Summer Fishing Forecast: White Mountain & Mogollon Rim
Bear Canyon Lake
Bear Canyon Lake was snowed in through late spring but is entirely accessible. The plentiful winter/spring snow filled the lake and water temperatures will be cool well into mid-summer. These cooler water temperatures will allow trout to be found at all water depths in early summer. By mid and late summer, the surface temperatures will be higher, so fish deeper during the middle of the day. Trout may feed near the surface in the very early morning and just before nightfall. Bear Canyon Lake is steep, as well as deep. There is little shallow water, except at the upper end of the lake. Fish using small spinners and lures. Bait anglers should try fishing with a worm and bobber. Fly anglers using a float tube can find solitude at Bear Canyon Lake, especially on weekdays. However, fly-fishing from shore or wading is difficult because the tree line comes right to the water’s edge, and the water gets deep close to shore. The lake is stocked once a month from April to September with Rainbow Trout. Green sunfish were illegally introduced to Bear Canyon Lake and there are no limits on them. Kids can try a small hook with a worm under a bobber during the warmer parts of the day to catch sunfish when the trout aren’t biting.
Black Canyon Lake
Black Canyon Lake is full thanks to the heavy winter and spring snowfall. Water quality is good after snowmelt runoff flushed the lake well, but pH levels may get high by the end of summer. The lake has been stocked with rainbow trout and will get stocked a couple more times through the summer. Fish using small gold lures or dry flies in early summer, then switch to fishing bait near the bottom as water temperatures increase in mid to late summer.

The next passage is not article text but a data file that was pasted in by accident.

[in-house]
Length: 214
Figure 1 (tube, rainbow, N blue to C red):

Black Canyon Lake is 78 surface acres, with a maximum depth of 60 feet and an average depth of 35 feet. Like other Rim lakes, Black Canyon is deep, and low in nutrients. Catchable sized rainbow trout are stocked in the spring and early summer. The lake also currently contains illegally introduced green sunfish and largemouth bass; anglers are encouraged to catch and remove these species to help control their populations. There is no limit for bass and sunfish here. Both boat ramps are fully accessible while the lake is full.
Chevelon Canyon Lake
Winter storms have refilled Chevelon Canyon Lake making launching a small boat or float tube relatively easy again. However, it is difficult getting down to the lake. Only OHVs 50 inches wide or less (those that fit through the metal gate) are allowed on the road down to the dam, otherwise it’s a hike-in lake. Illegal traffic on this road by full-sized vehicles have damaged the road so badly that it is preventing the lake from being stocked with trout. The regular fall stocking in 2018 was canceled because of bad road conditions and only half of the spring 2019 stocking occurred. Future stockings may likely get canceled until the illegal traffic can be controlled and the road is improved for hatchery trucks. Only brown trout reproduce naturally in Chevelon while rainbow trout are dependent on regular stockings. Thus, angling in Chevelon Canyon Lake will decline until the road situation can be resolved.
Because of the difficult access, this lake is popular with float-tubers. Its deep canyon and well-forested edges make this lake a cool respite during the summer. Some lures to try are Kastmasters, Panther Martin spinners and Rapalas for stocked rainbows and wild brown trout. Fly-fishermen should try wooly buggers or wooly worms in black or brown colors, crayfish-colored patterns, and brown or black Simi Seal leeches, peacock ladies or other large streamers. Chevelon Canyon Lake has special regulations with a two trout daily bag limit and artificial fly and lure gear restrictions.